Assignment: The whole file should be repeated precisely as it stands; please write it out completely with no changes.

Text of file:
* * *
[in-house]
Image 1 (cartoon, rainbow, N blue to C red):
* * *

[in-house]
Image 1 (cartoon, rainbow, N blue to C red):